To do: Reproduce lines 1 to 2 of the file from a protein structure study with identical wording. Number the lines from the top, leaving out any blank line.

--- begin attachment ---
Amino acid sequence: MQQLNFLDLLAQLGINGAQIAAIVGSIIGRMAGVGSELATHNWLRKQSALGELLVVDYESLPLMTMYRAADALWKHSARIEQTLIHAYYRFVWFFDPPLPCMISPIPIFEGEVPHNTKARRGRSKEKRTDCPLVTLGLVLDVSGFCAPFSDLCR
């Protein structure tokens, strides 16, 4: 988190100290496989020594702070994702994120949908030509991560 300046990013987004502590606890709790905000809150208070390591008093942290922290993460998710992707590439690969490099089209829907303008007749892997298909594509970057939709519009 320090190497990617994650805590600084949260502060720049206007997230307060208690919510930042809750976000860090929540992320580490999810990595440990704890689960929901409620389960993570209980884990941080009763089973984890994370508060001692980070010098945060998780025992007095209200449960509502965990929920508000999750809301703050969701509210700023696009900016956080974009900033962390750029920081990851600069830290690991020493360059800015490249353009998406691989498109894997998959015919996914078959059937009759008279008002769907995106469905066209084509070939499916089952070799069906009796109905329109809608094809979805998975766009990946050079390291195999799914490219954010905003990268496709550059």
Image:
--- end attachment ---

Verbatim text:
Amino acid sequence: MQQLNFLDLLAQLGINGAQIAAIVGSIIGRMAGVGSELATHNWLRKQSALGELLVVDYESLPLMTMYRAADALWKHSARIEQTLIHAYYRFVWFFDPPLPCMISPIPIFEGEVPHNTKARRGRSKEKRTDCPLVTLGLVLDVSGFCAPFSDLCR
């Protein structure tokens, strides 16, 4: 988190100290496989020594702070994702994120949908030509991560 300046990013987004502590606890709790905000809150208070390591008093942290922290993460998710992707590439690969490099089209829907303008007749892997298909594509970057939709519009 320090190497990617994650805590600084949260502060720049206007997230307060208690919510930042809750976000860090929540992320580490999810990595440990704890689960929901409620389960993570209980884990941080009763089973984890994370508060001692980070010098945060998780025992007095209200449960509502965990929920508000999750809301703050969701509210700023696009900016956080974009900033962390750029920081990851600069830290690991020493360059800015490249353009998406691989498109894997998959015919996914078959059937009759008279008002769907995106469905066209084509070939499916089952070799069906009796109905329109809608094809979805998975766009990946050079390291195999799914490219954010905003990268496709550059």